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Geelong Town Hall

Home > Geelong > Architecture | Free | Historic Houses
by CassandraJoy (subscribe)
I write for Weekend Notes and I take photographs, usually sunsets and sunrises. Occasionally I include my photos in my articles. I like to promote Geelong, and activities around Geelong.
Published July 25th 2014
Geelong Arts Precinct continued . . .

Part Seven - Geelong Town Hall

As part of my series on the Geelong Arts Precinct I thought I would include the Geelong Town Hall. The building has great architecture, it has two lions out the front guarding the Town Hall, and it has history. The Geelong Town Hall is opposite the Old Geelong Courthouse. It also shares the same block as the Geelong Art Gallery, the Geelong Peace Memorial and the site of the new Geelong Library and Geelong Heritage Centre.
One of the Lions outside Geelong Town Hall
One of the Lions outside Geelong Town Hall

Everything has a history. Have you ever wondered about a building, when it was planned, when it was built, how the land was allocated? I'd like to present the Geelong Town Hall, with a slice of history added for your entertainment.

The Council first bought the land for the Town Hall in 1854. The land was two acres (0.8 hectares) in size. It was on the corner of Little Malop Street and Gheringhap Street, where it still stands today.

There was a competition for the design of the building. There were twelve entries received. Joseph Reed, a Melbourne Architect, was the winner of the design competition.


The cost of the building was estimated at 34,533 pounds (or $69,066 dollars). Due to lack of funding, only a single southern wing was built along Little Malop Street. The Mayor at the time, Dr William Baylie, laid the foundation stone in 1855, with the southern wing being completed soon after that.

South Wing, Geelong Town Hall,
South Wing, Geelong Town Hall, copyright Geelong Heritage Centre

The Geelong Town Hall consisted of this single southern wing until the early 1900s. The original design was completed and opened in 1917.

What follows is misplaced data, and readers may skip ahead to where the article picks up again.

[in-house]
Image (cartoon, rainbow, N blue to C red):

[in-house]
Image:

The Geelong Town Hall is still located on the corner of Gheringhap Street and Little Malop Street. It is in central Geelong and is within the Geelong Arts Precinct. It was built for the City of Geelong. The name (of the council) changed in 1993 to the City of Greater Geelong, or COGG as it is known to the locals.
Front view, Geelong Town Hall
Front view, Geelong Town Hall

History of Local Government in Geelong

In 1849 Geelong became a Local Government entity under the Incorporation of the Town of Geelong Act. The Town of Geelong Act allowed the citizens of Geelong to elect their own Council and to govern the local area.

As communities developed in the surrounding areas around Geelong, a number of Councils were created. Geelong and its surrounding regions developed rapidly from this time on.

In 1993 the State Government introduced legislation to combine the more than 200 small local Councils into 78 larger Councils.

Geelong was the first region to go through amalgamation. Who remembers the Corio Shire Council offices on Anakie Road? In May 1993, six local Councils and part of the Barrabool Council were formed into one large municipality which was named the City of Greater Geelong.

Prior to that there were six Councils. Bellarine Rural City Council, Corio Shire Council, Geelong City Council, Geelong West City Council, Newtown City Council, and South Barwon City Council.

The City of Greater Geelong was governed by four Commissioners between 1993 and 1995. The Commissioners were appointed by the State and were paid Government representatives. Their role was to oversee the amalgamation process.

Geelong Town Hall, side view
Geelong Town Hall, side view

In March 1995, the City of Greater Geelong held its first election. Twelve Councillors, representing 12 Wards, were elected. Currently there are still twelve Councillors, each Councillor representing one Ward, and also one elected Mayor.

A further review took place in 2008 however the structure remained the same although ward boundaries were modified. There are now twelve Councillors each representing one Ward, and also one popularly elected Mayor.

Council meetings are held on Tuesday evening twice a month, usually at City Hall. Agenda and minutes for recent meetings and for older meetings can be accessed online or by contacting the Customer Service Centres.

Geelong Town Hall
Geelong Town Hall

Customer Service Centres

City of Greater Geelong office hours are 8.00am - 5.00pm, Monday to Friday. You can contact the customer service team with enquiries about services (e.g. parks, walk ways, tracks and trails) and events that the council supports.

As well as the Geelong Town Hall service centre, there are seven other Customer Service Centres throughout Geelong: 163 High St Belmont, Corio Shopping Centre, Hancock St Drysdale, 153a Pakington St Geelong West, 100 Brougham St Geelong, The Grove Centre Ocean Grove, and 230 Pioneer Rd Waurn Ponds.

The City of Greater Geelong website
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Why? Historic building, architecture, meet the lions
When: 8:00am - 5:00pm, Monday to Friday
Phone: 03 5272 5272
Where: Gheringhap St, Geelong
Cost: Free to look, take photos, enter their foyer
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